I was browsing the pages of Science (24 December, 1993, Vol 262, pp 19452108) when I notic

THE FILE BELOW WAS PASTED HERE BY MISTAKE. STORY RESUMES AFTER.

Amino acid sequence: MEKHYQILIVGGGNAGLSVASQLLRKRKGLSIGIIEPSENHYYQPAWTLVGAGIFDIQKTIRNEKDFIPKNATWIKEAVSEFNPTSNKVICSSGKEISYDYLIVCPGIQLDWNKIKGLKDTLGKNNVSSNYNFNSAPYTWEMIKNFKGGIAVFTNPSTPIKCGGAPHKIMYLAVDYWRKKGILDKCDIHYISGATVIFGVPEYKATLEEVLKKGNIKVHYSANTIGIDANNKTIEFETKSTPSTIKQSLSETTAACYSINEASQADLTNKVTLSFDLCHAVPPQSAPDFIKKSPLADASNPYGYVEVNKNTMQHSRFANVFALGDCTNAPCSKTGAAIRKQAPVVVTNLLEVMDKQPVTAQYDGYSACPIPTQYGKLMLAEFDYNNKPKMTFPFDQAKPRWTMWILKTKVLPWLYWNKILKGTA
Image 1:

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I was browsing the pages of _Science_ (24 December, 1993, Vol 262, pp 1945-2108) when I noticed in the Random Samples Column (pp 1976-1977) an item of interest to talk.origins. (Reprinted without permission) "Intellegent Design" at San Francisco State Two important concepts -academic freedom and the theory of evolution- are currently clashing at San Francisco State University. The question: Does the school have the right to stop a biology professor from expounding on creationist ideas? Hostilities commenced last spring when, in response to complaints by five students, the chairman of the biology department moved Dean Kenyon, a tenured professor, out of the introductory class he had been teaching for almost a decade. Kenyon devotes two course sessions to explaining how it is unlikely that aspects of chemical evolution could have occurred by chance. He insists he's no Biblical fundamentalist, but he has become an advocate of the theory that "intellegent design" must be behind the emergence of life. University officials have their doubts about having this laid on freshmen who may never see anoither science course. After his removal, Kenyon claimed his intellectual freedom had been abridged and appealed to the faculty senate's Academic Freedom Committee. The committee agreed with him, but the department demurred. Tensions escalated in November, when the American Association of University Professors weighed in, praising the committee's report and urging resolution of the issue. And finally came the endorsement of Kenyon's reinstatement by the Academic Senate. His defenders, all but one of them nonscientists, say Kenyon shouldn't be penalized for exposing his students to alternative interpretations of events. And they feel the department violated "due process" by replying on student reports rather than engaging in systematic information-gathering on his teaching. But Kenyon's views have been a matter of chronic concern since he began injecting them into his teaching more than a decade ago, says university dean James Kelly, an oceanographer. So "18 years of student complaints" seemed like enough evidence. Department chairman John Hafernik adds that there was no due process to violate. He calls Kenyon's reassignment a "scheduling decision" that shoukld never have gone outside the department. But it did and now it's back. Kelly said Kenyon (who is now teaching only labs) has been offered a chance to conduct an advasnced seminar where his ideas can be explored. But Kenyon wants his into course back, saying "I'm not going to drop this issue." He won't get more specific, but university officials fear a lawsuit in the making. (end _Science_ article) Okay, now a few thoughts of my own. First of all, Kenyon isn't "exposing his students to alternate interpretations of events" but is rather lying in his teeth and demonstrating massive incompetance. I'm going to dust off my own academic credentials (PhD, mathematics) here and state, athoritatively, the TRUTH (tm): We do not have sufficient information, either hard data or models, to come anywhere close to being able to establish the a priori likely- hood of early chemical evolution. Any claims or estimates of it's probability must of logical necessity be founded on philosophical premises like "God doesn't exist" or "God must be responsible", or, more likely, grotesque mathematical incompetence. I might, on a good day be willing to entertain claims that the probability was nonzero. No more. Second, speaking as someone who just finished teaching an introductory course for unwashed Freshmen (Math 150, discrete math for business majors) I suspect that Kenyon is no scientist and is uninterested in verifying the accuracy of his intellegent design assertions. When offered an advanced research seminar focused on one's own interests a researcher leaps at it. Introductory classes are little use in exploring ones ideas. They can serve as useful platforms for indocrination, for those who wish to try the accuracy of their scientific ideas in the legislature. Sound familliar? Third, I wonder at Kenyon's lack of ties to the religious arm of the creationist movement. Are these non-ties a proforma attempt to avoid the problems involved in using a publically funded university biology course to push a particular religious viewpoint or do we actually have someone who arrived at these conclusions from a non-religious perspective? The score is "lying religious fanatics 20, objective scientists 0" in this area but I suppose it could happen. The timing coincidence is remarkable, that a researcher should arrive at the notion of intellegent design at the same point in history that the liar's club (ICR) is pushing the idea with warp drive. Anyone in net.land know more? -- Dan Ashlock (Danwell) danwell@iastate.edu


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